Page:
10-Year-Old Boy Dies on Verrückt Slide at Schlitterbahn Waterpark
For readers with some understanding of the German language and familiarity with the waterslide, Verrückt is an aptly named ride. The term “verrückt” translates to “insane” and the waterslide is one of the world’s tallest. In fact, at the time of its opening in 2014, Verrückt was the tallest water slide in the world. The ride sends riders on a journey that includes a peak height of nearly 170 feet and an additional single drop of more than 50 feet.
However, the ride has not been without its share of problems. The ride’s opening was delayed multiple times due to problems with the slide’s systems. For instance, problems with the ride’s raft conveyor system resulted in the cancellation of two media preview days for the ride back in 2014. At the time, park officials remarked that the ride would be delayed as long as needed to guarantee its safety. To the park’s credit, despite these initial problems and the ride’s frightening specifications the ride had been operated safely and successfully. Unfortunately, this all changed with a fatal accident occurring on the water-slide on Sunday, August 7, 2016.
How Did the Water Park Accident Occur?
Unfortunately, the exact details regarding the water park accident have yet to be released by police and park officials. However, police have ruled out any foul play or other malicious acts that could have resulted in criminal charges. At this point, police have ruled that the park fatality is an accident but have not released additional details.
However, we can assess some of the potential causes for the fatal injuries based on what we know about the ride and its construction. To start, the ride was initially delayed because the designers of the ride had based their calculations on roller coaster models. These calculations turned out to be a poor fit and rafts would fly off of the initial build of the slide. After more than $1 million in repairs to the ride, it was believed that these problems were addressed. However, perhaps the young boy was something of an edge case.
That is, riders under the age of 12 were originally not allowed to ride. Furthermore, the two to three riders per raft must be a minimum of 54 inches tall and have a combined weight that is between 400 and 550 pounds. It is not entirely clear if the age requirement was dropped because the specific height and weight requirements were a better metric or if the initial ban on children under age 12 was due to the forces involved or a child’s propensity to have difficulty following certain instructions. However, these are two potential areas of inquiry.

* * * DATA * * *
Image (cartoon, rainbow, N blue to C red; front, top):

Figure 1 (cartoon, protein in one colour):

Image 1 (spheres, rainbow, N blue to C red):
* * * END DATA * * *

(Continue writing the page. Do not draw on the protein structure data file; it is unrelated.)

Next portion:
What Has the Park Said About the Accident and Death?
While details are still limited, in a media briefing on Sunday afternoon, a spokeswoman for Schlitterbahn said the park’s rides are inspected every day. These inspections are carried out by independent third-party inspection companies. The spokeswoman indicated that the park was closed Sunday following the accident and would remain closed on Monday. While the park was expected to reopen on Tuesday, there is no word regarding when Verrückt would re-open.
Ideally, the ride will not re-open until following the completion of the investigation and determination of the accident cause. In light of the ride’s history, inspectors and regulators must rule out design-based reasons for the accident before riders are allowed back on. Inspectors will also look to assess whether rider behavior contributed to the accident and other relevant factors.
Contact an Experienced Amusement Park Accident Lawyer If You Were Injured and Need Representation
We will provide details as additional information is released. At present, we send our condolences to the family of the 12-year-old boy. We hope that the inspectors and investigators will uncover the cause behind the fatal injuries so that no other family will be forced to experience this tragedy.
If you were injured on a theme park ride, contact our Pennsylvania amusement park accident lawyers can help. Call today for a free consultation at (215) 246-9000.